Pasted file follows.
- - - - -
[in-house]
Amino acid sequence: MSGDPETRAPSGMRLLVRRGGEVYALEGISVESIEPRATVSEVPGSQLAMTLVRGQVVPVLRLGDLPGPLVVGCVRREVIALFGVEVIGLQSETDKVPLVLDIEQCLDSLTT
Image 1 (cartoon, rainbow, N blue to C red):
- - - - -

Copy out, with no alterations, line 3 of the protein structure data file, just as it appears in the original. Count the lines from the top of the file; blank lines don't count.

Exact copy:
Image 1 (cartoon, rainbow, N blue to C red):